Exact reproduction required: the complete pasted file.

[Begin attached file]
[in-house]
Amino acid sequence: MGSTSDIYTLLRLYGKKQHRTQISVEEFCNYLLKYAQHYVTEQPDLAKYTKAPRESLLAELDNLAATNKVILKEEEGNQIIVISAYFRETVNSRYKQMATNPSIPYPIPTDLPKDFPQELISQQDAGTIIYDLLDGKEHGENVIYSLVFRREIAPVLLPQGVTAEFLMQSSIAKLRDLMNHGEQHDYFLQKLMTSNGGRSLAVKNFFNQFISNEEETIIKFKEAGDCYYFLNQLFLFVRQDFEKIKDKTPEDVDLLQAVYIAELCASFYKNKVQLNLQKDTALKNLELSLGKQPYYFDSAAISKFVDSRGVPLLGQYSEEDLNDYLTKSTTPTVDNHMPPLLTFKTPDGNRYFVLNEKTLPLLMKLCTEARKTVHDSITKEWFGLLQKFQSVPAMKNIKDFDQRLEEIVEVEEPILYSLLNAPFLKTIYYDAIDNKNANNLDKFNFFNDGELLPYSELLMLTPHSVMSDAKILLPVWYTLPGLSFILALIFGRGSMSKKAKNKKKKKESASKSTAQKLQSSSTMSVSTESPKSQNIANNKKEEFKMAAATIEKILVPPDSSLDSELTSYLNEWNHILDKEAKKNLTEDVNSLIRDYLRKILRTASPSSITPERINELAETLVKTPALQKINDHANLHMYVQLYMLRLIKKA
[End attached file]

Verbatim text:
[in-house]
Amino acid sequence: MGSTSDIYTLLRLYGKKQHRTQISVEEFCNYLLKYAQHYVTEQPDLAKYTKAPRESLLAELDNLAATNKVILKEEEGNQIIVISAYFRETVNSRYKQMATNPSIPYPIPTDLPKDFPQELISQQDAGTIIYDLLDGKEHGENVIYSLVFRREIAPVLLPQGVTAEFLMQSSIAKLRDLMNHGEQHDYFLQKLMTSNGGRSLAVKNFFNQFISNEEETIIKFKEAGDCYYFLNQLFLFVRQDFEKIKDKTPEDVDLLQAVYIAELCASFYKNKVQLNLQKDTALKNLELSLGKQPYYFDSAAISKFVDSRGVPLLGQYSEEDLNDYLTKSTTPTVDNHMPPLLTFKTPDGNRYFVLNEKTLPLLMKLCTEARKTVHDSITKEWFGLLQKFQSVPAMKNIKDFDQRLEEIVEVEEPILYSLLNAPFLKTIYYDAIDNKNANNLDKFNFFNDGELLPYSELLMLTPHSVMSDAKILLPVWYTLPGLSFILALIFGRGSMSKKAKNKKKKKESASKSTAQKLQSSSTMSVSTESPKSQNIANNKKEEFKMAAATIEKILVPPDSSLDSELTSYLNEWNHILDKEAKKNLTEDVNSLIRDYLRKILRTASPSSITPERINELAETLVKTPALQKINDHANLHMYVQLYMLRLIKKA